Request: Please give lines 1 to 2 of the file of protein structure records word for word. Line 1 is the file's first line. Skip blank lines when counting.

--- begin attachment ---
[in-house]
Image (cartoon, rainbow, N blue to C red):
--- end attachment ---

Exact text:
[in-house]
Image (cartoon, rainbow, N blue to C red):